When I moved to Germany back in 1991 I didn’t really speak any German. I was working straight away and I was vaguely aware that there were various forms to fill out but I had somebody to help me so it didn’t seem too bad. One of the first things I must have done is go to the local town hall / council office to register as a resident. You have to do this within two weeks of moving to a new place in Germany. You show your passport and a form either from your landlord, or whoever you bought your house from and then you register at that new address. A confirmation letter gets sent and once that is returned you are registered. You get a document confirming you live there, and you hand in your old Ausweis (Identity Card) and get a new one with your new address on it.
The Ausweis is a plastic laminated identity document, which is also enough to use as a passport to certain countries. In fact, now that I think of it, it is really just like the one useful page of the passport with all the rubbish bits torn away. Most Germans will also have a separate, full-blown passport which they keep safe unless they are flying out of the continent. Most Germans will have their Ausweis in their wallet. Although all German residents over the age of 16 must posess either an Ausweis or a Passport, you don’t have to carry one with you all the time. The good thing about the Ausweis is that is a really convenient form of identification. It’s the universal document whether you want to open a bank account, start a company, register with some or other authority or leave a deposit for something. It’s really convenient and seems to be more secure than the UK system of bringing in a couple of utility bills to prove residence.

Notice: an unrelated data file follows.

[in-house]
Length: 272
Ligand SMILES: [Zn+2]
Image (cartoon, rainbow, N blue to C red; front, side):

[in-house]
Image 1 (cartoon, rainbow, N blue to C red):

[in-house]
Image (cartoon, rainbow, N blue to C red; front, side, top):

Things seemed to have died down a bit now, but about 10 years ago there was talk of a British Identity Card being introduced. Some of the rhetoric was ridiculous – “it’s Big Brother watching you”, “prisoners in our own land” and various other nonsense. Having lived for 25 years in a country where nearly everyone has an Ausweis, I can report that it is a very good idea and saves a lot of time and hassle. Unless you are an illegal immigrant, a benefits cheat or a criminal trying to go underground. In that case the whole Ausweis thing is a bit of an inconvenience.
I write that “nearly” everyone has an Ausweis, because I am one of the nearly. I never gave up my British Passport (you can’t have dual citizenship within the EU so I would have to give it up to get a German passport). So I am still a British citizen, although I am a resident of Germany. That means I don’t get an Ausweis. If Britain leaves the EU, then I will probably be able to have dual citizenship and then I’ll apply for a German passport and Ausweis. So I now have two good reasons to support the Brexit! (1) I might get an Ausweis and (2) I just want to see what happens.